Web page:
Haze machines, or haze generators, commonly referred to as hazers, are similar to fog machines in that they produce droplets suspended in the air which are designed to make light beams visible.
Unlike conventional fog which can be dense enough to become opaque, haze is very thin. Ideally haze is barely noticeable, if at all, in normal lighting conditions. This allows the operator to fill a venue with haze prior to an event without creating a visibly distracting cloud.
Haze also has a substantially longer hang time than conventional fog. While conventional fog may hang in the air for up to 5 minutes, a typical water-based haze can last 1 hour and oil-based haze 6 hours or more, depending on the size of the venue and the amount of ventilation.
Some haze machines use a compressor to atomize a fluid (usually, though not always oil-based), therefore they do not require any warm up time. Other machines use a heater to vaporize the fluid (usually water-based). Most oil-based haze fluids use a mineral oil base, and most water-based fluids use either a glycol or glycerol base.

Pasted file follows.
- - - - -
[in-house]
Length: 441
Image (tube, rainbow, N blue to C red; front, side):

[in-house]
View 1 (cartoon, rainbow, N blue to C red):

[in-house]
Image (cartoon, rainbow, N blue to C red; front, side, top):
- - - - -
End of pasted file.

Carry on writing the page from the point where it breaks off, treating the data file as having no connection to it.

Quite often Hazers do not set of smoke alarms, but always do tests before you use them if you can.
Tip: When you have finished using your hazer, ensure you run it for at least 5-10 minutes on full fan with no haze output. This will ensure that the jets are clean of any burnt or un-burnt haze fluid.
Adverse effects on respiratory health
Although often believed to be safe to breathe, exposure to mineral oil, glycol and glycerin-based theatrical fogs produced from fog or haze machines have been associated with adverse short and long-term effects on respiratory health in exposed performers and crew members, especially those with respiratory problems (such as asthma). One should therefore avoid breathing generated smoke or fog It is safer to add smoke effects digitally in postproduction of films than to use theatrical smokes on set. Glycol-based fog is associated with headaches, dizziness, drowsiness and tiredness in those exposed. These results would be expected given that glycols share some chemical similarities to alcohols and given the small size of fog particles making it easy for them to enter the bloodstream. Symptoms of wheezing and chest tightness were associated with longterm exposure to theatrical smoke and fogs.
extracted from wikipedia